What is ASD?

Autism Spectrum Disorder (ASD) is a developmental disability that affects an individual’s ability to communicate (e.g., the ability to use language to express one’s needs) and the ability to engage in social interaction (e.g., the ability to read social cues). Additionally, the individual may have a restricted range of interests or repetitive behavior. Skill deficits associated with ASD will vary greatly from child to child. No two individuals with autism are the same. Each will have their own individual strengths and associated symptoms with autism.

How is ASD Diagnosed?

Autism is diagnosed by observing a child’s behavior. There are several well-known diagnostic tools that are used to diagnose or confirm a diagnosis of autism. For example, The Autism Diagnostic Observation Scale (ADOS) and the Childhood Autism Rating Scale (CARS-2). In addition, The American Psychiatric Association’s Diagnostic and Statistical Manual, Fifth Edition (DSM-V) provides standardized criteria to help diagnose ASD and determine the level of support needed. 

 The broad criteria listed in the DSM-V are summarized below: 

  1. Persistent deficits in social communication and social interaction across multiple contexts.
  2. Restricted, repetitive patterns of behavior, interests, or activities. 
  3. Symptoms must be present in the early developmental period.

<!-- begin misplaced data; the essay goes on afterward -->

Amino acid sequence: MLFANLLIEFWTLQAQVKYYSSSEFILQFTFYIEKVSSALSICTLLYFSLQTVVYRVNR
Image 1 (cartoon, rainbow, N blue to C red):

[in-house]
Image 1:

4. Symptoms cause clinically significant impairment in social, occupational, or other important areas of current functioning.
  5. These disturbances are not better explained by intellectual disability (intellectual developmental disorder) or global developmental delay.

Autism is considered to be a spectrum disorder; some individuals with autism may also have an intellectual disability, while others are only mildly affected. Although ASD, in most cases, is a life-long disability, early intensive behavioral intervention (EIBI) can result in significant progress, leading to successful, independent participation in learning, social, and community activities. 

If you are concerned about your child’s development, schedule a diagnostic evaluation with our team.

What intervention for autism
is most helpful?

Numerous peer-reviewed studies have shown that specific teaching techniques based on the principles of Applied Behavior Analysis (ABA) can help individuals with autism (regardless of age) learn specific skills, such as how to communicate, develop relationships, play, care for themselves, learn in school, succeed at work, and participate fully and productively in family and community activities. ABA is widely recognized as a safe and effective treatment for autism, including recognition by the U.S. Surgeon General, American Academy of Pediatrics, National Institute of Mental Health, and the New York State Department of Health.

Learn More About Our Services

Please contact Caren Gans, Alpine’s Intake Coordinator, using the following form
or via phone at 201-612-7800 x305

Please contact Caren Gans,
Alpine’s Intake Coordinator,
using the following form
or via phone at
201-612-7800 x305